It’s been 20 years since the concept of cognitive radio was proposed—radio that could automatically switch from wireless signal to wireless signal, to minimize congestion and allow for more concurrent wireless connections. While this technology has been key in implementing intelligent communications, it’s even more interesting to look at the way cognition has developed into artificial intelligence. That’s exactly what the team working on the paper “20 Years of the Evolution from Cognitive to Intelligent Communications” wanted to see. The team, comprised of Zhijin Qin, Yue Gao (both from Queen Mary University of London), Xiangwei Zhou (of Louisiana State University), Lin Zhang, Ying-Chang Liang (both from the University of Electronic Science and Technology of China), and Geoffrey Ye Li (of the Georgia Institute of Technology), looked at the history, future, and challenges of making this development.
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Cognitive radio was proposed by J. Mitola and G.Q. Maguire in the paper “Cognitive radio: making software radios more personal” using a now-famous perception-action cycle: the process of intelligent decision-making. Using this, the cognitive devices are perceiving the parameters from an environment, applying them to the radio environment, making decisions based on that information, and then starting again with the new information from that decision. This all enhances spectrum utilization, since the devices are able to learn and adapt to what is needed.
The future of intelligent decision-making processes really relies on the change from using a cognitive agent to an AI agent—AI agents are more powerful and have higher capabilities. The paper discusses three reasons:
- “The AI agent has a better generalization functionality than the cognitive agent.” AI is able to make good and predictable decisions even if it has incomplete and inaccurate information, because it can learn more about the environment overall.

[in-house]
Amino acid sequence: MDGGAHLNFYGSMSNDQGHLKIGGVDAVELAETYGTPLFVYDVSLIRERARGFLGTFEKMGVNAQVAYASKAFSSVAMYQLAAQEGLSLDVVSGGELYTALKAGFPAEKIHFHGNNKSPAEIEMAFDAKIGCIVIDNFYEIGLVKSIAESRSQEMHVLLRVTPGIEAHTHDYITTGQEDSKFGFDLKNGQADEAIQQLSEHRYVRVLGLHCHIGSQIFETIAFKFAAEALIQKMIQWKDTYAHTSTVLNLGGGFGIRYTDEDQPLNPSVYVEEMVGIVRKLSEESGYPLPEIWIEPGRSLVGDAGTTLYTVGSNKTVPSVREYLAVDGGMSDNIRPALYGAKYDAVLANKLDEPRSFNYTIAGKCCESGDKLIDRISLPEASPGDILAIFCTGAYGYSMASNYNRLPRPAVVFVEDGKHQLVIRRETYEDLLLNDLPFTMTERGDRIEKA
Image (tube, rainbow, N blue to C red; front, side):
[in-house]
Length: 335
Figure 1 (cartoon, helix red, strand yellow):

- The AI agent is able to predict better than the cognitive agent: “it can track the variation pattern of the radio environment and infer a proper action”
- The AI agent has better reasoning functionality, compared to the cognitive agent. It can learn the impact of an action on the environment quickly, rather than having to engage with complicated mathematical formulations.
The paper closes by addressing a few challenges that this technology may face, moving forward. These include:
- AI-based intelligent communications often use open data sets, which are difficult to control for quality or validity;
- They’ve been using different machine learning or deep learning frameworks, rather than tailor-made ones for this subject, meaning they aren’t as efficient as they could be and may not be interpretable;
- And they’re still learning to balance intelligence versus reliability: “some abnormal events might mislead the intelligent systems, which could further guide the whole system into a status that makes wrong or even unacceptable decisions”
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Overall, there’s a lot of work which has been done with intelligent communication, but there’s still a lot to be done in the future.